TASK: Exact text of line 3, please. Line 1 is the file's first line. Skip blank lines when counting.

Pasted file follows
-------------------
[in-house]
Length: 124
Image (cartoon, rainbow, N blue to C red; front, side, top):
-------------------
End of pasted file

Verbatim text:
Image (cartoon, rainbow, N blue to C red; front, side, top):